Mozambique is a State Party to the Convention on the Elimination of All Forms of Discrimination Against Women, the African Charter on Human and Peoples’ Rights, and the Protocol to the African Charter on Human and Peoples’ Rights on the Rights of Women in Africa. Over the last two decades, the government of Mozambique has developed legal and policy frameworks to align its legislation with core human rights instruments, promote gender equality, and foster women’s land rights. Mozambique has gained considerable international recognition for these important efforts.
Nevertheless, high levels of gender inequality and discrimination persist. Many women do not fully enjoy fundamental human rights, especially in rural areas. Their land rights are frequently violated due to discriminatory customary practices; consequently, they are denied a wide range of land-related human rights such as the rights to food, shelter, and an adequate standard of living.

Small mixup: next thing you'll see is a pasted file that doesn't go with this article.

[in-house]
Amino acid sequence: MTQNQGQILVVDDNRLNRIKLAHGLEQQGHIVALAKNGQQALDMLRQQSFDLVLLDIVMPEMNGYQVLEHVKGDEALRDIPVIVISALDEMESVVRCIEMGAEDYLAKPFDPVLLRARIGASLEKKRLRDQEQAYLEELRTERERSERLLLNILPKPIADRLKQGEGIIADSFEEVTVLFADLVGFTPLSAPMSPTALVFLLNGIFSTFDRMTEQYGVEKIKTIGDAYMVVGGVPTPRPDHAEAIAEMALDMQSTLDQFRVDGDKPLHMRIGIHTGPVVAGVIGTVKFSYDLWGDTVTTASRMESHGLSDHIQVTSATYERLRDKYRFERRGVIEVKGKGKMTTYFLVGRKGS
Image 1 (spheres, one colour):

This Article analyzes the reasons for the gap between commitments de jure, local practice, and customary norms. It describes how, in a context of legal pluralism, efforts to address gender inequality and protect women’s land-related human rights often fall short because of the government’s inability to align and harmonize statutory and customary law. Moreover, the great divide between urban and rural realities, in a country where most of the population live in rural areas, seems to be frequently overlooked or disregarded by decision makers. Consequently, legal and policy frameworks that could pave the way to enhanced gender equality are ineffective, because they remain mostly ignored by the population. Given the gap between commitments de jure, local practice, and customary norms, the Mozambican case shows that merely passing legislation is insufficient to enable rural women to fully enjoy their land-related human rights.
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The Stanford Journal of International Law is a biannual student-run law journal covering international law, including public international law, comparative law, human rights, international relations, and international trade.